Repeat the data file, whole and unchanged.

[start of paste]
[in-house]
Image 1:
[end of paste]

[in-house]
Image 1: